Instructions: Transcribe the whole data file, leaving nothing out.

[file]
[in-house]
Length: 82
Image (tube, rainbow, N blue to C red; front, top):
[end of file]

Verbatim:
[in-house]
Length: 82
Image (tube, rainbow, N blue to C red; front, top):